Finding Jake by Bryan Reardon (William Morrow)
While his successful wife goes off to her law office each day, Simon Connolly takes care of their kids, Jake and Laney. Now that they are in high school, the angst-ridden father should feel more relaxed, but he doesn’t. He’s seen the statistics, read the headlines. And now, his darkest fear is coming true. There has been a shooting at school.
Simon races to the rendezvous point, where he’s forced to wait. Do they know who did it? How many victims were there? Why did this happen? One by one, parents are led out of the room to reunite with their children. Their numbers dwindle, until Simon is alone.
As his worst nightmare unfolds, and Jake is the only child missing, Simon begins to obsess over the past, searching for answers, for hope, for the memory of the boy he raised, for mistakes he must have made, for the reason everything came to this. Where is Jake? What happened in those final moments? Is it possible he doesn’t really know his son? Or he knows him better than he thought?
Brilliantly paced, Finding Jake explores these questions in a tense and emotionally wrenching narrative. Harrowing and heartbreaking, surprisingly healing and redemptive, Finding Jake is a story of faith and conviction, strength, courage, and love that will leave readers questioning their own lives, and those they think they know.
Discontent and Its Civilizations: Dispatches from Lahore, New York, and London by Mohsin Hamid (Riverhead Books)
Mohsin Hamid’s brilliant, moving, and extraordinarily clever novels have not only made him an international bestseller, they have earned him a reputation as a “master critic of the modern global condition” (Foreign Policy). His stories are at once timeless and of-the-moment, and his themes are universal: love, language, ambition, power, corruption, religion, family, identity. Here he explores this terrain from a different angle in essays that deftly counterpoise the personal and the political, and are shot through with the same passion, imagination, and breathtaking shifts of perspective that gives his fiction its unmistakable electric charge.
A “water lily” who has called three countries on three continents his home—Pakistan, the birthplace to which he returned as a young father; the United States, where he spent his childhood and young adulthood; and Britain, where he married and became a citizen—Hamid writes about overlapping worlds with fluidity and penetrating insight. Whether he is discussing courtship rituals or pop culture, drones or the rhythms of daily life in an extended family compound, he transports us beyond the scarifying headlines of an anxious West and a volatile East, beyond stereotype and assumption, and helps to bring a dazzling diverse global culture within emotional and intellectual reach.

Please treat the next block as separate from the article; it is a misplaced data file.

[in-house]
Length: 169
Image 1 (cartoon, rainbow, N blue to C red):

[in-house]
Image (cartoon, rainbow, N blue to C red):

The Interstellar Age: Inside the Forty-Year Voyager Mission by Jim Bell (Dutton Books)
The Voyager spacecraft are our farthest-flung emissaries—11.3 billion miles away from the crew who built and still operate them, decades since their launch.
Voyager 1 left the solar system in 2012; its sister craft, Voyager 2, will do so in 2015. The fantastic journey began in 1977, before the first episode of Cosmos aired. The mission was planned as a grand tour beyond the moon; beyond Mars, Jupiter, and Saturn; and maybe even into interstellar space. The fact that it actually happened makes this humanity’s greatest space mission.
In The Interstellar Age, award-winning planetary scientist Jim Bell reveals what drove and continues to drive the members of this extraordinary team, including Ed Stone, Voyager’s chief scientist and the one-time head of NASA’s Jet Propulsion Lab; Charley Kohlhase, an orbital dynamics engineer who helped to design many of the critical slingshot maneuvers around planets that enabled the Voyagers to travel so far; and the geologist whose Earth-bound experience would prove of little help in interpreting the strange new landscapes revealed in theVoyagers’ astoundingly clear images of moons and planets.